How important is self-esteem?
How we feel about ourselves crucially affects virtually every aspect of our experience. The way we function at work, our relationships, the way we operate as parents, and how high in life we are likely to rise are all related to self-esteem. Our identities and sense of self-confidence shape our responses to events. The dramas of our lives are the reflections of our most private visions of ourselves. Thus, self-esteem is the key to success or failure and the key to understanding others and ourselves.
Apart from problems that are biological in origin, psychologists cannot think of a single psychological difficulty that is not traceable to poor self-esteem. Anxiety and depression, fear of intimacy or of success, alcohol or drug abuse, underachievement at school or at work, spouse battering, sexual dysfunctions or emotional immaturity, suicide, or crimes of violence are all somehow related to low self-esteem. Of all the judgments we pass, none is as important as the one we pass on ourselves. Positive self-esteem is a cardinal requirement of a fulfilling life.
Let us understand the concept of self-esteem. Psychologists define self-esteem with two components: a feeling of personal competence and a feeling of personal worth. In other words, self-esteem is the sum of self-confidence and self-respect. Self-esteem reflects your implicit judgment of your ability to cope with the challenges of your life (to understand and master your problems) and of your right to be happy (to respect and stand up for your interests and needs).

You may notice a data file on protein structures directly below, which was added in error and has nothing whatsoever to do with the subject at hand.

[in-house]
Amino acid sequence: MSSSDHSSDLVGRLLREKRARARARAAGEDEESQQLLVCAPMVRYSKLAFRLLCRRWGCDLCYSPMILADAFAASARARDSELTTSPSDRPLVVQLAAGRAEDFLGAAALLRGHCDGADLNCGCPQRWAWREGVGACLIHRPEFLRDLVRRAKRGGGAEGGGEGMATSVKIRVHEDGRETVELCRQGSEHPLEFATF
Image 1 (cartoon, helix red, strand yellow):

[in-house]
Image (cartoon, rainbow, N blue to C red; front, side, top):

To have high self-esteem is to feel confidently appropriate to live. In other words, to be competent and worthy in the sense just indicated. To have low self-esteem is to feel inappropriate in life. It means to feel wrong not just about an issue, but wrong as a person. To have average self-esteem is to fluctuate between feeling appropriate and inappropriate, right and wrong as a person, and to manifest these inconsistencies in behavior – sometimes acting wisely, sometimes acting foolishly – thereby reinforcing the uncertainty.
The higher our self-esteem, the better equipped we are to cope with life’s adversities; the more resilient we are, the more we resist pressure to succumb to despair or defeat. The higher our self-esteem, the more likely we are to be creative in our work and to be successful. The higher our self-esteem, the more likely we are to form nourishing rather than destructive relationships. Most importantly, the higher our self-esteem, the more joy, and happiness we experience in the sheer fact of being, of waking up in the morning, and of living inside our own bodies.